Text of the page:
The move to speed up Super Rugby Pacific and increase the amount of ball-in-play time is off to a promising start, with the Round 1 numbers now confirmed to have been an improvement on those from 2022.
The trial laws, which prohibit huddles before lineouts and have placed a firm time limit for the setting of scrums and shots at goal, were generally well received by players, coaches and fans alike, across the weekend, as referees issued multiple hurry-ups and the Rebels’ Ryan Louwrens was even pinged for taking too long to clear the ball from the base of the ruck.
The ability of the TMO to interject has also been reduced in Super Rugby Pacific.
And numbers provided to ESPN have now confirmed the widespread perception that fans witnessed more action over the weekend compared with the opening round last year.
According to Oval Insights, the average ball in play for Round 1 was 1:54 longer than that of the 2022 season. The mean for 2023 was 31.21 compared to 29.27 last year.
The Crusaders-Chiefs game topped the Round 1 fixtures with a ball-in-play time of 38.15, while the Waratahs-Brumbies contest in Sydney was at the other end of the scale at 26.29. Still, that figure on Friday night in Sydney was a whopping 4:32 improvement on the lowest game from Round 1 in 2022.
While it is only one weekend of data, Super Rugby Pacific administrators will be encouraged by the results. It also comes after similarly positive progress in the Six Nations where many of the same tweaks to prevent time wasting has also been implemented.
The Ireland-France clash in week 2 of the tournament recorded an astonishing 46:12 minutes of ball in play time. Clearly there have been other less appealing affairs, but if the ball-in-play trend continues upwards then World Rugby will be under pressure to implement the laws permanently worldwide.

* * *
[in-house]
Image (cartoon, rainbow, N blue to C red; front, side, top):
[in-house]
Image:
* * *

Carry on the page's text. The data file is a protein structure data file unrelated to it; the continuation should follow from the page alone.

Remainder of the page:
Nick Frost says players understand they will need to adapt to the trial laws and make sure they are not caught out for time wasting Mark Kolbe/Getty Images
Brumbies lock Nick Frost, who was on Wednesday awarded the Wallabies’ Rookie of the Year for 2022, said it was only early days but that already players understood they needed to adapt.
“Obviously it’s a little bit of a trial period for either team, and obviously the referees have got to get used to it and so have the players,” he said.
“But again, we [the Brumbies] time ourselves anyway from a lineout point-of-view, we talk about getting in and keeping the ball in play. As I said, the whole thing, first and foremost, is around safety at the scrum, so obviously we’ve got a shock clock there.
“But I think in general the whole thing is a bit of a balance, we’ve got to protect some of the integrity of the game around our scrum and our lineout, that’s what makes us different compared to the other sports. But it’s good that we have a bit of a quicken up there.
“But the TMO one is probably the biggest one the players are pretty happy about; obviously we’re not having full judiciary hearings on the field, we’re just having a quick decision and then going forward.”
While Frost played in the Round 1 game which had the least ball-in-play time, it was noticeable after halftime how it opened up as fatigue began to have an impact. The first half had also seen multiple scrum resets and penalties, as the two forward packs struggled with their timing and engagement under referee Nic Berry.
The Crusaders-Chiefs produced 38:15 minutes of ball-in-play time Joe Allison/Getty Images
The Brumbies had also been forced into a late change on the bench when hooker Lachie Lonergan was ruled out, the scrum contest then further impacted by Connal McInerney’s early concussion, which brought on veteran John Ulugia, and Waratahs prop Angus Bell’s toe injury, which has now likely ruled the Wallabies front-rower out for the rest of NSW’s Super Rugby Pacific campaign.
While Frost said he hadn’t noticed a huge amount of difference on Friday night, he said time could be saved at the scrum in particular.
“We had few trial matches in the preseason and it’s just going to be quite prevalent that it’s on the forefront of the referee’s mind, it’s on the forefront of our mind,” he said.
“We’ve trained it for a few weeks now. It doesn’t feel too quick, it’s just sometimes around the scrum ones; if the ball is there, let’s just play footy. It’s better for both team instead of seeing two or three resets, it’s not great for us, it’s not great for the game, it’s not great for the crowd.
“So if the ball’s available to play let’s just play some footy.”